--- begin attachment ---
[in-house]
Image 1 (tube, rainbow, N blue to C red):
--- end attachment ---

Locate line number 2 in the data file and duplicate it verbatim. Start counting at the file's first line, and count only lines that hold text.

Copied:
Image 1 (tube, rainbow, N blue to C red):